NEWARK – New Jersey’s Motor Vehicle Commission violated state laws when it pushed through federal license requirements with the proposed implementation of the new TRU-ID licensing program, according to the American Civil Liberties Union of New Jersey.
The ALCU announced Monday a Superior Court judge approved the group’s petition to have the new license program – which was slated to go into effect today – delayed while it is challenged in court.
The civil liberties group argues the MVC violated New Jersey’s Administrative Procedure Act, which requires new rules and regulations to undergo a period of citizen review. The MVC should have, at a minimum, posted public notices regarding the TRU-ID program to allow state residents to weigh in, the ACLU argues.
“They didn’t have an open process (and) they didn’t allow for democratic input,” said Deborah Jacobs, executive director of the ACLU of NJ, during a Monday morning news conference at the group’s office in Newark.
The TRU-ID licensing program is the state’s version of new federal licenses – dubbed Real ID Act – that will be required to board airplanes and enter federal buildings.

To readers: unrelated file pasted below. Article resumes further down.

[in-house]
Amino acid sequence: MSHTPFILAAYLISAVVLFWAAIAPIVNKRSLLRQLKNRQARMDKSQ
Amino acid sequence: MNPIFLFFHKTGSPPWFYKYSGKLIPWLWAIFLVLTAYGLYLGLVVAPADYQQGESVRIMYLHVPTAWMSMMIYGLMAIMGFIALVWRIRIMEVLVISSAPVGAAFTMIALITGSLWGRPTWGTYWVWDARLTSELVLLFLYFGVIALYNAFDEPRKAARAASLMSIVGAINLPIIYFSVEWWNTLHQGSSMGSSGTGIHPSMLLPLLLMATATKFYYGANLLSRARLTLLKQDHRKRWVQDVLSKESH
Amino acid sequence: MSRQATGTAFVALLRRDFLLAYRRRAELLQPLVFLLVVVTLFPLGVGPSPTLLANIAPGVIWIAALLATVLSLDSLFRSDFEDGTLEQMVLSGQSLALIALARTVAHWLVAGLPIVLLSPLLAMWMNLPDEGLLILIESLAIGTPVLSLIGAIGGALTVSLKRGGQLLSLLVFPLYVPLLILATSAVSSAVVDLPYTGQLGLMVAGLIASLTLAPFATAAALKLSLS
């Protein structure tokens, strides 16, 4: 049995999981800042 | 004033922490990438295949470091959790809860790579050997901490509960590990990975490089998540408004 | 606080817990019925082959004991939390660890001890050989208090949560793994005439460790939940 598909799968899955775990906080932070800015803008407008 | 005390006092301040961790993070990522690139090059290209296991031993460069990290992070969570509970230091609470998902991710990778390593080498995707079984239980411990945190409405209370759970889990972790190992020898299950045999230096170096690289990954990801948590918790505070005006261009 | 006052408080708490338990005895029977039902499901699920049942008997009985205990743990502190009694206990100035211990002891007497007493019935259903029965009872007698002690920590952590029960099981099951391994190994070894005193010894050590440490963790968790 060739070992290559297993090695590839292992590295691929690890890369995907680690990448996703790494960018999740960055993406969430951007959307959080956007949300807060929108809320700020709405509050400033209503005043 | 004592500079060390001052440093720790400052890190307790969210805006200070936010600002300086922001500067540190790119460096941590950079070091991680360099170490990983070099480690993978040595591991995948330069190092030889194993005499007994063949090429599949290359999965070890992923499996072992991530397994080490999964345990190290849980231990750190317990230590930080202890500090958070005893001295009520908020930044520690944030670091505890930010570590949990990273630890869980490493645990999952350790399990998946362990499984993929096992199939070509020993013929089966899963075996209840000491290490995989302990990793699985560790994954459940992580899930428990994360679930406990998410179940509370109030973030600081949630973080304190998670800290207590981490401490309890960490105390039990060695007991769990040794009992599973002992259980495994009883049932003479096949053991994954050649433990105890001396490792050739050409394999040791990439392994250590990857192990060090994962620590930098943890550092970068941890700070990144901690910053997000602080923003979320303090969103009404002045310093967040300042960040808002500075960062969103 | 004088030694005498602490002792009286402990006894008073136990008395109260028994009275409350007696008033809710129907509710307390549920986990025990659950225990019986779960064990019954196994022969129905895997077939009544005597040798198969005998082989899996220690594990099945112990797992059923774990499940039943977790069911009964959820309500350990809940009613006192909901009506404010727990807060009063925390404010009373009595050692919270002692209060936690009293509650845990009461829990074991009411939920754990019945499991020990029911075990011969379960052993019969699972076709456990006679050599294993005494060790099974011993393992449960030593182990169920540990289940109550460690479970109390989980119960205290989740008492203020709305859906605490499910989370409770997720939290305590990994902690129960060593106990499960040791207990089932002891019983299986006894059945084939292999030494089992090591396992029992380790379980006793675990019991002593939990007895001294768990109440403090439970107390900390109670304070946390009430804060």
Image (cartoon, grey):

Twenty-five states have opted out of Real ID, including 15 states that made the implementation of Real ID licenses illegal in the respective state.
The state tried to implement the program “under the radar,” said Ed Barocas, legal director of the ACLU of New Jersey.
“The Constitution and the laws of New Jersey require that whenever an agency passes rules that affect the rights of citizens, that there’s a certain process they have to follow,” Barocas said. “The new system imposed requirements that do not exist under current New Jersey law or regulations.”
The ACLU filed its petition Friday at 10 a.m. in Trenton. The petition was heard before a judge at 3:30 p.m., Barocas said.
The ACLU opposes the federal government’s national implementation of the new ID system. It argues the program, which was drafted following the Sept. 11, 2011 terrorist attacks, violates everyone’s right to privacy and opens them up to identity theft.
The state chapter said it was able to temporarily block New Jersey’s implementation because of “a technicality,” Jacobs said.
“It’s a technicality we call democracy,” she said.
The injunction will remain in effect until at least Aug. 3, at which time the ACLU is slated to appear in court to present oral arguments.